The mayor: An advocate of green initiatives, Ahmad Phesal (second right) has been in strumental in the introduction of the Kuala Lumpur Car-Free Day programme that was launched in January this year — filepic
SPECULATION is rife that a new man will helm Kuala Lumpur City Hall (DBKL) as Datuk Bandar when the two-year term of Datuk Seri Ahmad Phesal Talib ends on July 18.
Word that the current Datuk Bandar’s tenure will not be extended has been making the rounds and it is believed the powers that be have already shortlisted several candidates for the city’s top post.
A source from the Federal Territory (FT) Umno said several politicians had been lobbying for the post.
The senior member, who is close to FT Minister Datuk Seri Tengku Adnan Tengku Mansor, said they believed that a mayor with a political background can better serve the city’s residents.
This, however, looks unlikely given that all 10 mayors in the past 40 years have been government servants.
For now, it is hard to look beyond Federal Territories Ministry secretary-general Datuk Adnan Md Ikhsan and Public Service Department (JPA) deputy director-general (Operations) Datuk Seri Zainal Rahim Seman as the most likely candidates.
Adnan, who joined the ministry in 2011 after serving four years as the Subang Jaya Municipal Council president, has been actively working on the Kampung Baru and Kampung Kerinchi development issues. This could work in his favour.
Zainal Rahim, a former Human Resource Ministry secretary-general, has had 30 years’ experience in the public sector since joining the civil service as an Administrative and Diplomatic Officer in 1984.
He has since held posts in various government departments, including as Penang state secretary, Penang Municipal Council president and assistant director at the Pahang Land and Mines Director’s Office.
Another name mentioned is the FT Ministry’s deputy secretary-general Datuk Mohd Jamal Mahussin, who has held senior positions at both state and federal levels in his over 30 years in the civil service.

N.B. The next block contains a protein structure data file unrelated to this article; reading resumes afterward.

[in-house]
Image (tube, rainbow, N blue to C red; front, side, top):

Despite all this, the possibility that the incumbent mayor will be retained for another term cannot be ruled out, as sentiment among City Hall staff is that Ahmad Phesal, who was appointed as the 10th KL mayor on July 18, 2012, should be given more time to achieve what he has set out to do.
Local government experts have, in fact, long called for a longer duration for the post of mayor as they believe that two years is not enough to enable a mayor to see his plans through.
A source from within City Hall said the controversy generated by the assessment rate increase had unfairly put the mayor in a bad light, but Ahmad Phesal would be prepared to serve if given the opportunity.
Some property owners took to the streets late last year to demand that Ahmad Phesal resign because of the hike, which many deemed excessive.
Kuala Lumpur has chalked up several successes under the leadership of Ahmad Phesal, a former FT Ministry secretary-general who has been in public service for more than 35 years.
A notable achievement is City Hall’s “OSC 1Submission” procedure, initiated to cut red tape for developers when applying and submitting development plans.
DBKL introduced a 12-step procedure for developers when applying for a development order, which saves both parties a lot of time.
Initiatives like this helped Malaysia to become the sixth easiest country to do business, according to the World Bank Doing Business Report 2014.
An advocate of green initiatives, the mayor has also been instrumental in seeing over 100,000 trees planted in the city, along with the introduction of the Kuala Lumpur Car-Free Day programme that was launched in January this year.
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